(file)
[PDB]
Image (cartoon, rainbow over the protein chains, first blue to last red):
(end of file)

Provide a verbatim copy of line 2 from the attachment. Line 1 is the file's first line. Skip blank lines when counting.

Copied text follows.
Image (cartoon, rainbow over the protein chains, first blue to last red):